Selling children’s shoes was more of an education than I bargained for. The shoes were expensive, upscale brands which attracted customers primarily from the District of Columbia. African American women, who could not afford a lot of things in 1971, felt they needed to buy good shoes for their kids. By contrast, local white women in Prince George’s County, like my mom, shopped at discount stores, like K-Mart, for their kids’ shoes, not feeling it necessary to show-off by buying top-of-the-line foot-ware.  Honestly, I do not think the shoes were any better. The management seemed aware of this dilemma, but were happy to charge premium prices and to slip ill-fitting shoes on many a foot to keep such status-conscious mothers happy.

Actually, a lot of the things these managers did really bothered me.

It bothered me, for example, that managers refused to let me study while we were sitting around on quiet days. While other employees sat around shooting the breeze, if I took out a book, I was assigned to sort shoes in the back or to watch the store, while the rest of them partied, blowing dope out back. It also bothered me that when President Nixon announced a price freeze on August 15, 1971 to combat inflation,[3] we were immediately assigned to raise the prices on all the shoes in the store. I guess that working in that store bothered me about as much as my studying bothered those managers, who knew they were stuck selling shoes because they neglected their own studies.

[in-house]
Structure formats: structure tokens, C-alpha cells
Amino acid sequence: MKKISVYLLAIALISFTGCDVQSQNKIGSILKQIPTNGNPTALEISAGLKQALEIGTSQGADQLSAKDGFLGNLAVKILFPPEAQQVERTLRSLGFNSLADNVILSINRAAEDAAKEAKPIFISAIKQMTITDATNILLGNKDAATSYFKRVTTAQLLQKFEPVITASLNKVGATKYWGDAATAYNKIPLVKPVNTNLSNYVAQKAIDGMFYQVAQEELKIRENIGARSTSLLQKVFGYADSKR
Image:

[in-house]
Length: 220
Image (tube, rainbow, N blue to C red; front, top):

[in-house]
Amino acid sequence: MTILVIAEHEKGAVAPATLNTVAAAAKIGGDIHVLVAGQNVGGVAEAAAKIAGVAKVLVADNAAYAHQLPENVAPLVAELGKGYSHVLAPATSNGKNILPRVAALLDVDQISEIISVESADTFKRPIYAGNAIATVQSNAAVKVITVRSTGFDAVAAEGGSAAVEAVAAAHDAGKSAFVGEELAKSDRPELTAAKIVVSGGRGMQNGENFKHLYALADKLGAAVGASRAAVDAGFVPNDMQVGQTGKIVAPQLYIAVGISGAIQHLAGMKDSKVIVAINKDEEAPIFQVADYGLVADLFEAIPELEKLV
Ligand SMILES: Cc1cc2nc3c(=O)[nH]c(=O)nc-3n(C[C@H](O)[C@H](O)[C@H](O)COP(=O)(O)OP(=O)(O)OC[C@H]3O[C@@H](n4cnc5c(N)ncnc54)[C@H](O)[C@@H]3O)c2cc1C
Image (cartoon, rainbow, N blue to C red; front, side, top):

I did not earn a lot of money selling children’ shoes, but I missed afternoon practice sessions with the It’s Academic team and was placed on the back up team. Being on the back up team meant that we got to cheer for the regular team when we finally were invited on the show to compete. I loved the competition, in part, because I got to sit next to a friend who I later invited to the prom, but the team lost and lost badly. Just as in the interview, they simply did not understand the rules and complained that the other team cheated, being especially fast button-pushers. Too bad the team’s fastest button-pusher was sidelined!